Healthcare

Trump officials weigh fate of birth-control mandate

The era of free birth control for women could be coming to an end.

The requirement that insurance companies cover contraception at no cost is believed to be on the chopping block now that Tom Price has taken over the Department of Health and Human Services (HHS).

Price opposed the mandate as a member of Congress and could take aim at the regulation - and other rules related to ObamaCare - as Republicans in Congress move to repeal and replace the Affordable Care Act.

"There's a lot of pressure on this administration and a lot of people within the administration who clearly have an agenda that runs contrary to this provision," said Adam Sonfield, a senior policy manager at the Guttmacher Institute, a liberal think tank.

"It certainly looks like a strong possibility that they're going to try to do something."

Conservative Republicans have opposed the mandate since it was issued by the Obama administration, saying it infringes on religious liberty by requiring employers to pay for contraception coverage, regardless of their beliefs.

Religious advocates fought the mandate all the way to the Supreme Court, resulting in the landmark Burwell v. Hobby Lobby Stores, Inc. decision that found closely held for-profit corporations cannot required to pay for some forms of contraceptives if the owner objects.

Now that Republicans hold Congress and the White House, they have the chance to do away with the mandate entirely.

Reversing the birth-control mandate would not necessarily require an act of Congress. HHS could issue a regulation excluding birth control from the list of women's preventive health services that insurers must cover with no cost sharing.

Asked to comment for this story, HHS responded: "We aren't going to speculate on future policy."

Price could further be emboldened by an executive order Trump issued just days into his presidency that instructs agencies to loosen ObamaCare's regulations.

"They could issue new guidance that says plans have more leeway to cover what they need to cover," said Laurie Sobel, associate director for women's health policy at the Kaiser Family Foundation.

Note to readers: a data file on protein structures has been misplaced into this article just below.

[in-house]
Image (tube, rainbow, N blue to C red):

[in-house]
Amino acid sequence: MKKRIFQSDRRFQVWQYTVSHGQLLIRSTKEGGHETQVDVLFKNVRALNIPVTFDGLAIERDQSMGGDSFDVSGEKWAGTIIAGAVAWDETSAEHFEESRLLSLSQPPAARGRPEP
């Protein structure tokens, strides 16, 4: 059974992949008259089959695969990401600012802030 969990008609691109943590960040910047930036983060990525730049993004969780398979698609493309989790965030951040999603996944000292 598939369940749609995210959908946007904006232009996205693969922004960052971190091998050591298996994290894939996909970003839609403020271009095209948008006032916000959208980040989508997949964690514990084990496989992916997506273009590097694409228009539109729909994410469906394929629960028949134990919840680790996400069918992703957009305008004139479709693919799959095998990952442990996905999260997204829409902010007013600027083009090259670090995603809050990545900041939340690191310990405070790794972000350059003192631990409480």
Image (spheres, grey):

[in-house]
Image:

The Republican Congress could also abolish the mandate by including a provision in ObamaCare repeal that does away with the requirement that insurers cover preventive care for free.

It isn't yet clear which portions of the healthcare law Republicans will keep and which ones they will replace.

"I think the contraception requirement is at risk," Sobel said, though she stressed that she did not know which route Republicans would take.

As a lawmaker, Price criticized the mandate, saying he didn't believe any woman could struggle to afford birth control.

"Bring me one woman who has been left behind. Bring me one. There's not one," he said in 2012.

"The fact of the matter is, this is a trampling of religious freedom and religious liberty in this country."

At his confirmation hearing last month, Price indicated that women with insurance would have to pay for birth control again.

Asked about ensuring access to free contraception, he said: "I think contraception is absolutely imperative for many, many women and the system that we ought to have in place is one that allows women to be able to purchase the kind of contraception they desire."

Other Republicans, too, have indicated that women will likely have to pay for contraception out of pocket again.

Rep. David Brat (R-Va.), when asked what would happen to the mandate, said women could use health savings accounts to pay for birth control and other medical expenses.

Health savings accounts are central to the Republican push to repeal and replace ObamaCare. The accounts, which people can put money in tax-free, are intended to make consumers more responsible for their healthcare costs.

"The HSAs are your personal money - then those are individual decisions that a patient can make with them," Brat said.

Asked whether Republicans would keep the birth-control mandate, Rep. Phil Roe (R-Tenn.), co-chair of the GOP Doctors Caucus, said: "We probably wouldn't require that, but in doing that, we need to make them behind or across the counter."

Roe, a former OB-GYN, said the caucus is discussing whether allowing the sale of birth control over the counter would be worthwhile.

"In other words, you come in [to a pharmacy], you want birth control, you get it, you go."

But over-the-counter sales wouldn't help women who want other contraceptives currently covered at no cost by insurers that aren't available at pharmacies, including intrauterine devices (IUDs).

A reversal of the birth control mandate won't happen immediately. New regulations must go through a formal notice and comment period before finalized, and the change would not affect current health plans.

Regardless, a move to reverse the mandate could stir a backlash.

According to the National Women's Law Center, 55 million women receive contraceptives through their insurers with no out-of-pocket costs.

And a 2015 poll by The Washington Post and Kaiser Family Foundation found the vast majority of Americans supports the requirement, 71 percent to 25 percent.

A Vox analysis found that IUD insertions spiked after Trump won the presidential election in November.

"We have seen a lot of articles over the last several months after the election of women who have been rushing to get the long-term contraceptive methods in place because they're anticipating a rollback of coverage and are worried they'll lose those benefits that matter a lot to them," Sonfield said.

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